First Aid for Splints & Bleeding Wounds : How to Tell if Someone Needs a Splint

My name is Alv Rios and I am a paramedic with
Lansing Mercy Ambulance on behalf of Expert Village. In this clip we are going to go over
assessment of the fracture. It’s important that when you approach a fracture, what you
do is don’t get distracted. A lot of times people can see a fracture of the arm and they
are engrossed by that and they don’t notice something such as major blood loss in the
leg which is actually the life threat to the patient. When you do approach the fracture
what you want to do is first visualize to make sure that the bone is not out of the
skin. If the bone has been exposed to the skin it is referred to as an open fracture.
Next thing you want to do is you want to check to make sure that the patient has pulse, movement
and sensation. Something we refer to as PMS. You want to come up and you want to go distal,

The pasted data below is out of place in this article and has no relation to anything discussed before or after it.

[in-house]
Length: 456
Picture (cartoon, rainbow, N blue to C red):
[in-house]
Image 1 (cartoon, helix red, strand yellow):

which means further and the extremity that where the fracture injury site is. Distal
to the injury check for a pulse. In this case if it was an arm fracture you would check
the radial pulse. Once you realize that they have a pulse that means that you do have blood
flow going past the injury site. You then want to check to make sure that the nerves
are still in tact. You want to ask them if they can feel you touching their hand. If
they say they can feel you touching their hand you want them to not look at you while
you squeeze one of the fingers. And you want to ask them if they can tell you which finger
you are squeezing. If the correctly identify it then they have good pulse, movement and
sensation and then you can go onto immobilizing the limb.

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